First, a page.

In the process of the invention, hydrogen may be separated from the synthesis gas obtained in the first step. The hydrogen is preferably separated after quenching/cooling and may be separated by techniques known in the art, as pressure swing adsorption, or, preferably, by means of membrane separation techniques. The hydrogen may be used in a second heavy paraffin synthesis step after the first reactor (provided that a two stage hydrocarbon synthesis is used), or for other purposes, e.g. hydrotreating and/or hydrocracking of hydrocarbons produced in the paraffin synthesis. In this way, a further product optimization is obtained (for instance by fine tuning the H2/CO ratio's in the first and second hydrocarbon synthesis step), while also the carbon efficiency may be improved. In addition, the product quality may be improved by e.g. hydrogenation and/or hydrocracking.
Any percentage mentioned in this description is calculated on total weight or volume of the composition, unless indicated differently. When not mentioned, percentages are considered to be weight percentages. Pressures are indicated in bar absolute, unless indicated differently.
Hereafter the system for power generation and export according to the invention will be further illustrated with reference to various embodiments which are provided for illustrative purposes without the intention for limiting the invention to those given embodiments. In these embodiments only the steam/water cycle of the systems according to the invention are shown.
The system 1 comprises means for super heating in the form of a super heater 8. In the super heater 8 oxidation unit steam supplied via line 9 is used for super heating conversion steam supplied via line 10. The super heated conversion steam is supplied via line 11 to a power generation unit 12 which may be coupled with a generator 13 for generating electricity. The expanded steam is cooled in a cooler 14 and the condensate formed is transported via line 15 to a degasser 16. Degassed water is supplied via line 17 to the oxidation unit 6 and the conversion unit 7.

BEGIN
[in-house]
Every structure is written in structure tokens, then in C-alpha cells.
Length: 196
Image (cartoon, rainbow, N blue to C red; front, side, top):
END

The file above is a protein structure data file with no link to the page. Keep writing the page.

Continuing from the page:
The power generating unit 12 comprises steam turbines for producing shaft power and electricity required for use in operating the various operation units, such the oxidation unit 6 and the conversion unit 7.
The oxidation steam, after use being used for super heating the conversion unit steam, is transported via line 18 to the degasser 16. Any surplus of super heated conversion unit steam is transported via line 19 to the degasser 16. Furthermore, after pressure reduction in unit 20, oxidation unit steam may be mixed with conversion unit steam prior to super heating in the super heater 8. After a pressure drop over unit 21, condensed oxidation unit steam may be combined with condense in line 15.
Super heated oxidation unit steam is used for driving a steam turbine 39. Partly expanded super heated oxidation unit steam is supplied via line 19 to the degasser 16 and via line 40 to the reformer unit 23. Super heated conversion unit steam is mixed with more expanded oxidation unit steam and supplied via line 41 to the steam turbine 12.
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|1||C.J. Kuhre, et al., "Partial Oxidation Grows Stronger in U.S.", Oil and Gas Journal, vol. 69, No. 36, Sep. 6, 1971, pp. 86-90.|
|2||International Search Report mailed Jan. 14, 2003.|
|U.S. Classification||60/651, 60/653, 60/671|
|International Classification||F01K25/08, C01B3/36, C10G2/00, C01B3/38|
|Cooperative Classification||C01B2203/0205, C01B2203/148, C01B3/36, C01B2203/1241, C01B2203/0894, C01B2203/06, C10G2/32, C01B2203/84, C01B2203/0261, C01B2203/1011, C01B2203/062, C01B3/386|
|European Classification||C10G2/32, C01B3/38D, C01B3/36|
|Apr 2, 2004||AS||Assignment|
Owner name: SHELL OIL COMPANY, TEXAS
Free format text: ASSIGNMENT OF ASSIGNORS INTEREST;ASSIGNORS:GEIJSEL, JOANNES IGNATIUS;DE HEER, MARTIJN;DE LEEUW, KOEN WILLEM;AND OTHERS;REEL/FRAME:015663/0656;SIGNING DATES FROM 20030219 TO 20030223
|Jun 30, 2009||FPAY||Fee payment|
Year of fee payment: 4
|Jul 10, 2013||FPAY||Fee payment|
Year of fee payment: 8